February 24, 2012 at 2:17 pm | Report abuse |
    • Putthedogdown

      Ignorant, blind animal lovers like, "charlotte" above are the reason that people get their faces ripped off by chimps and the reason dogs kill a number of children or babies every year. Dogs are just another unpredictable animal with a "wild" element in their genes. Don't ever forget that and you'll be ok. Now, if you'd like to hand me the shotgun, I'll do what needs to be done and the dog won't get the chance to do this again to another person.

      February 24, 2012 at 2:26 pm | Report abuse |
  12. Todd

    Argentine Mastiff...Is that the new name for Pit Bull?

    February 24, 2012 at 2:08 pm | Report abuse | Reply
    • Archer

      THANK YOU!! Geesh.. next thing you know someone will call my Jindo a Shiba Inu, and my Shiba Inu a Jindo!!

      February 24, 2012 at 2:12 pm | Report abuse |
    • Laurie Lat

      ignorant. nothing wrong with pitts. its the "people" who train them to kill. WE do that to dogs, not the dogs fault.

      February 24, 2012 at 2:19 pm | Report abuse |
  13. Vogrog

    Don´t care if the human was being careless...as long as she wasn´t being abusive to the animal, that dog is in the wrong and should be put down. It´s too dangerous to allow a known, physically aggressive dog to continue to be around people.

    February 24, 2012 at 2:08 pm | Report abuse | Reply
    • charlotte

      No, the dog was not in the wrong. You are. Shall we put you down?

      February 24, 2012 at 2:12 pm | Report abuse |
    • lillbit

      Oh for the power to 'put down' idiotic human beings! IT IS AN ANIMAL! If you choose to have it as a pet HAVE SOME FREAKIN COMMON SENSE! The dog was just rescued. He didn't bite his rescuer. She needed to back off and in an animal way, he told her to. He could have mauled her to death if he wanted. He didn't.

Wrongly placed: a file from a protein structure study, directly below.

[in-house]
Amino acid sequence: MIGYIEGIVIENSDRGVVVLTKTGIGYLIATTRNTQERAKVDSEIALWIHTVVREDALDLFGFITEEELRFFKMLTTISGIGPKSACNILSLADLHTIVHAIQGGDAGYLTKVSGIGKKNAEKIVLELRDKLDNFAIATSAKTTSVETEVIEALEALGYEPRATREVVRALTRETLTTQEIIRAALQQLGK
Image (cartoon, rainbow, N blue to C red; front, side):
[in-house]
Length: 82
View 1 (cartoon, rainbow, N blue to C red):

February 24, 2012 at 2:15 pm | Report abuse |
    • Putthedogdown

      Thank God, someone else in here with common sense. Yes, I agree, the animal is brain damaged, it will do this again to someone and must be put down, you are completely right Vogrog.

      February 24, 2012 at 2:28 pm | Report abuse |
  14. WhiteBoxer

    I don't think it's a mastiff ... I had a white boxer that looked exactly like this dog. Had the same gentle looking demeanor like this dog, but he would wig out when you least expected it. Come to find out, white boxers are known to have all kinds of issues – mental and physical.

    February 24, 2012 at 2:08 pm | Report abuse | Reply
    • Joe T.

      I think the trainer knows what kind of dog it is more than you would.

      February 24, 2012 at 2:17 pm | Report abuse |
  15. nwnjjim

    It's difficult, if not impossible, to expect all humans to stop acting with their normal human instincts around dogs that appear to be within control of their masters. Most of us show affection to calm animals who are with their handlers. The assumption is that they are under control and not a danger. For certain, most of us realize we have to be more cautious because animals are, well, animals. But not all of us. When an animal reacts dangerously to what would be considered by most to be normal non harmful human behavior, it's not hard to figure out where the fault lies. The handler, then the animal, but certainly not the human victim.

    February 24, 2012 at 2:08 pm | Report abuse | Reply
    • charlotte

      You nitwit. You cannot blame the dog and indeed, any adult human being is responsible to behave intelligently around a strange dog. The only victim here is the dog. True, the handler should have told her in advance not to kiss the dog because only an ignorant idiot would do something like that !!!! Here you are, pretending like it's "perfectly normal" to shove your face into that of a huge dog who has never met you. People are idiots – and it isn't only the newswoman, apparently, who qualifies.

      February 24, 2012 at 2:15 pm | Report abuse |
    • lillbit

      So by your definition if a trained lion is 'under the control' of his trainer, it's okay for me to go up and kiss it on the nose and not expect to get bitten/eaten? IT IS AN ANIMAL! As much as we humans think we can control them...THEY ARE ANIMALS!!!

      February 24, 2012 at 2:17 pm | Report abuse |